Theo Richmond: Konin One Man's uest for a Vanished Jewish Community



Online free Konin One Man's uest for a Vanished Jewish Community AUTHOR Theo Richmond – cafe1919.org

Ook This book took me a long time to read not because it dragged but because I needed to absorb every fascinating detail and digest the cruelty the human race is capable of inflicting But still this was an immensely satisfying read The research was excellent the story of the rise and fall of one Jewish community beautifully written the description of all the people the author meets on his uest so vivid and the education I received in what it means to be a Jew illuminating Memoir and modern history all rolled into one marvellously readable book Yes this is another Holocaust archival work and yes it is brilliantly researched and written But Richmond s crowning achievement I propose is his ability to create a lengthy work as this about people many readers could never now without ever letting it lapse into sentimentality or a wearisome litany of names faces and facts And yes I have tearfully walked the streets of Konin with those Shoah survivors who now live in England the US and Israel Richmond has ensured that the Nazi attempt to relegate Jewish Konin to oblivion has been thwarted And we are much the better for it For the dead and the living we must bear witness Thank you Mr Richmond You have witnessed for the murdered of Kazimierz forest and all the other illing fields of Nazi Europe. Ssity of human memoryA fascinating memorial to a lost community and the people who lived there The New York Times Book ReviewOne reads it sometimes with a smilealways on the edge of tears as if it were the most gripping adventure story Elie Wiesel New York Newsday From the Trade Paperback editio.

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Ving it till it s found again A very moving tale of root seeking historical work At the same time a heart breaking story of loss and madness during Second World War The author is a English Jew who researched the Polish Jewish community that his ancestors and extended family came from The community was about 500 years old and had about 2000 members in 1939 The vast majority of them were murdered in the holocaustI was told this was really good but it didn t really work for me as literature maybe because the book is about the author s own story than about the people he was researching The author does research and then in the second half of the book he talks to survivors and witnesses and visits the town the community lived inAs a book documenting what actually happened to the people he was researching it s a lot powerful Most people probably have a rough idea of what the Nazis did to Jews during the war but the details really are hard to believe It took me a good while to finish this Not because it was boring or hard to read but because it was intense and rich in detail and the fates of the people in it were a lot to take in at once This is an exceptional book moving and educational Brilliant brilliant brilliant couldn t stop reading Terribly interesting well written but horribly sad Interviewed A project he thought would take six months took seven years Finally he confronted the Konin of today Interweaving past and present Konin tells the story of one community how it began how it flourished and how it ended and in the process re creates the precariousness anguish and nece.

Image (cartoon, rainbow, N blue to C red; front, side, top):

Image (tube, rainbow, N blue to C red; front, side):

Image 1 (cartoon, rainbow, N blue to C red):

Recommended in The week in best books by Michael wood Very compelling read and well written This book inspired me to travel around Poland and motivated me to discover about my family and its history The only problem was it was an ex girlfriend s book so I never got to re read it from time to time Pictures the Jewish life and its end in a small Polish town based on careful and detailed research Amazing work Very touching Finished it sometime before dawn last night the 5th followed directly after with the novel The Reader by Bernhard Schlink Both of which I am still digesting along with Everything will be illuminated Safran Foer I need sleep before I can write anything Konin Jews were very proud of their library and the subject comes up many times in survivors accounts There s a uote by Paul Johnson in his History of the Jews Pious Jews saw heaven as a vast library with an archangel as the librarian and I like that idea Theo Richmond adds to it Hell has a library too Two days after the Jews of Vilna were driven into the ghetto they opened a library Don t now why I bother with using the update thingyuseless for correcting typos Obviously I meant Ukraine not Unkraine 18dec 2010 found again back on the to read list Currently have misplaced this book somewhere haven t finished it yetshel. In 1939 the Polish town of Konin vanished in the wake of Nazi occupation Twenty five years later Theo Richmond set out to find what he could about that vanished world He traveled across the United States Europe and Israel tracing survivors and sifting through archives and the stories of those he.